As the clocks go back again for the winter, November’s Document of the Month looks at the introduction of Daylight Saving Time in the UK in 1916, when the clocks went forward by one hour at 2 am on 21 May. This flyer produced by the Borough of Colchester was issued to alert the public to the need to change their clocks and watches before they went to bed on Saturday 20 May. The clocks went back again on 1 October 1916.
The idea was suggested by William Willetts, a builder who proposed a change of 80 minutes, changing by 20 minutes each week in April and reversing the change each week in September. Willetts died in 1915, before Daylight Saving Time was introduced.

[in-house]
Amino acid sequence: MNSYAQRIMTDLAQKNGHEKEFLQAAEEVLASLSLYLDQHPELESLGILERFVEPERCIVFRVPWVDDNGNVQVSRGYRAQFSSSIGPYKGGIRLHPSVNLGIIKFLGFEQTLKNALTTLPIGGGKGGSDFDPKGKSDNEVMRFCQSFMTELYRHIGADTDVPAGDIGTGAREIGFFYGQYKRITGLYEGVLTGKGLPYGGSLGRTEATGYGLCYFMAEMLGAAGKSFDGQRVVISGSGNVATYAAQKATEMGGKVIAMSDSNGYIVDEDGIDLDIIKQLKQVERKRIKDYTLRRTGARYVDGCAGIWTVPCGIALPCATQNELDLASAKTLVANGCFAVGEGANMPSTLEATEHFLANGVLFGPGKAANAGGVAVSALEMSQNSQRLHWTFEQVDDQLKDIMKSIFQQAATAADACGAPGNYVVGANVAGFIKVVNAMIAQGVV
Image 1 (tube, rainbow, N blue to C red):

There has been much discussion about the merits of going back to Greenwich Mean Time (GMT) for the winter. Experiments in the late 1960s on staying on British Summer Time (BST) over the winter did result in an apparent decrease in road accident casualties but as this coincided with the introduction of legislation to limit drinking and driving, the effects were deemed difficult to isolate.
While England and Wales generally seem to prefer to stay on BST for the whole year, Scotland would prefer to return to GMT for the winter as this means that people are travelling to school and work in the daylight in the morning. However, if this were to happen it would be the first time that the UK had two time zones since Dublin Mean Time was abolished in 1916. It would also mean that Greenwich would not be using Greenwich Mean Time.
The document will be on display in the ERO Searchroom throughout November 2016.